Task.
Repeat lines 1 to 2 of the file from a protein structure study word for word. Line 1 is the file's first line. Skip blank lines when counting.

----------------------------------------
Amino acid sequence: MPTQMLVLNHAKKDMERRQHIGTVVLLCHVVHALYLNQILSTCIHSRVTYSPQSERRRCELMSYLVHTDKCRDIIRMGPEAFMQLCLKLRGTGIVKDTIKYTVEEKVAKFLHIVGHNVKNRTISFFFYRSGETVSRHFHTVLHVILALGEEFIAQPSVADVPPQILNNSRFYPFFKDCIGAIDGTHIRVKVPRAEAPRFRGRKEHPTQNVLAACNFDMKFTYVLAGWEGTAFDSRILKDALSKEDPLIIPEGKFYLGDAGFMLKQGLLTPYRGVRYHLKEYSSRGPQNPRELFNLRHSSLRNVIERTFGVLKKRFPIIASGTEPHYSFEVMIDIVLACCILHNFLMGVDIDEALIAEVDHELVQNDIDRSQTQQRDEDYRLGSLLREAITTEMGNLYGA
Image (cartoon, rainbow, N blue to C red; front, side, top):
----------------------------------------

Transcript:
Amino acid sequence: MPTQMLVLNHAKKDMERRQHIGTVVLLCHVVHALYLNQILSTCIHSRVTYSPQSERRRCELMSYLVHTDKCRDIIRMGPEAFMQLCLKLRGTGIVKDTIKYTVEEKVAKFLHIVGHNVKNRTISFFFYRSGETVSRHFHTVLHVILALGEEFIAQPSVADVPPQILNNSRFYPFFKDCIGAIDGTHIRVKVPRAEAPRFRGRKEHPTQNVLAACNFDMKFTYVLAGWEGTAFDSRILKDALSKEDPLIIPEGKFYLGDAGFMLKQGLLTPYRGVRYHLKEYSSRGPQNPRELFNLRHSSLRNVIERTFGVLKKRFPIIASGTEPHYSFEVMIDIVLACCILHNFLMGVDIDEALIAEVDHELVQNDIDRSQTQQRDEDYRLGSLLREAITTEMGNLYGA
Image (cartoon, rainbow, N blue to C red; front, side, top):